In summary, even through this study introduce the space-time model by taking P. vivax transmission in Tengchong as an example, the proposed model is not limited to analysing geographic variations of P. vivax incidences. Without loss of generality, it can also be extended to analyse spatial-temporal data series of other diseases.

Methods

A space-time model

Disease surveillance systems usually monitor disease incidences of different locations as a set of time series. Given the observed disease incidences of N locations during time period t=1,⋯,T, the spatial-temporal surveillance data at time t can be represented by a vector y_{
t
}=(y_{1t
},⋯,y_{
Nt
})^{′}. With respect to malaria transmission in Tengchong, China, the number of P. vivax incidences of each individual town consists of two parts: one is local infections caused by the P. vivax transmission within the town, which can be explicitly modelled based on environmental and demographic factors; the other is imported cases caused by a hidden time-dependent dynamics (e.g., human cross-border activities), which can be implicitly affected by a set of socioeconomic factors. According to the study in [34], the space-time model can be defined as follows:

where u_{
t
} describes the epidemiological dynamics of local P. vivax transmission at time t, and β·f_{
t
} describes a hidden time-dependent dynamics of imported cases. Specifically, u_{
t
}=(u_{1t
},⋯,u_{
Nt
})^{′} represents the number of local infections at time t, f_{
t
} is an m-dimensional vector of common factors (i.e., the order of the factor model), and β=(β_{(1)},⋯,β_{(m)}) is the N×m factor loading matrix. Each row of β describes the importance of common factors for a given town, while each column of β (i.e., β_{(i)}) shows spatial dependence of different towns with respect to a specific common factor. In this paper, it is assumed that the values of common factors at time t depend only on those at time t−1, where the matrix Γ characterizes the time-dependent dynamics of the common factors. Finally, Σ and Λ are observational and time-dependent variations. For simplicity, it is also assumed that \(\Sigma = diag({\sigma _{1}^{2}}, \cdots, {\sigma _{N}^{2}})\) and \(\Lambda = diag\left ({\lambda _{1}^{2}}, \cdots, {\lambda _{N}^{2}}\right)\).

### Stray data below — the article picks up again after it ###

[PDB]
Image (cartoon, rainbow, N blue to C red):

By fitting model parameters to spatial-temporal surveillance data, the main objective is to evaluate the impact of heterogeneous factors on geographic variations of P. vivax incidences.

Epidemiological dynamics of malaria transmission

The notion of vectorial capacity (VCAP) is used to assess P. vivax transmission potential using environmental and demographic data, which is defined as “the number of potentially infective contacts an individual person makes, through vector population, per unit time [15].” The VCAP was adapted from the basic reproductive number calculated based on the Macdonald model [35]. In each town i, the value of VCAP is given by:

where m_{
i
} represents the equilibrium mosquito density per person, a_{
i
} is the expected number of bites on human beings per mosquito per day, p_{
i
} is the probability of a mosquito surviving through one whole day, and n_{
i
} is the entomological incubation period of malaria parasites. Based on the study of Ceccato et al. [30], all these parameters are dependent on human population P_{
i
}, as well as dynamically-changing temperature (T) and rainfall (R) in each individual town. Here, the detailed parameter descriptions and settings for calculating the VCAP of each individual town are shown in Table 2, which is adopted from the existing work [16]. As mentioned in [16], the values of relevant parameters are based on a certain degree of assumptions and estimates, and they could be adjusted when more accurate values are available.

Based on the relationship of VCAP and entomological inoculation rate (EIR), the number of infectious bites received per day by a human being can be estimated [31]. Accordingly, the number of local infections at time t can be calculated based on the number of infections at previous time t−1. The formulation is as follows:

where b represents the probability that a susceptible person becomes infected after being bitten by an infectious mosquito, c denotes the probability that an uninfected mosquito becomes infected after biting an infectious person, r is the human recovery rate, I is N×N identity matrix, and V_{
t
}=(V_{1t
},⋯,V_{
Nt
})^{′} is a vector of VCAP for different towns at time t. It should be noted that the model parameters bc and r will be estimated by fitting the proposed model to the spatial-temporal malaria incidences.

Time-dependent dynamics of common factors

As in standard dynamic factor model [36], in this paper, Equation 2 describes the dynamics of mindependent common factors, where Γ is set to be diag(γ_{1},⋯,γ_{
m
}). In doing so, the factor loading matrix β characterize geographic variations of disease incidences with respect to the set of common factors. In this paper, the jth column of β is modelled as a Gaussian random field (GRF), that is,

where \(\mu _{j}^{\beta }\) is N-dimentional mean vector, \({\tau _{j}^{2}}\) indicates the scale of spatial dependence, \(R_{\phi _{j}}\) is a symmetric and positive definite covariance matrix. The element \(R_{\phi _{j}}(l,k)\) can be used to reflect the range of spatial dependence in terms of geographic distances and socioeconomic factors. Specifically, (l,k)-element of the covariance matrix is given by \(R_{\phi _{j}}(l,k) = \rho _{\phi _{j}}(s_{\textit {lk}})\), where \(\rho _{\phi _{j}}(\cdot)\) is a correlation function and s_{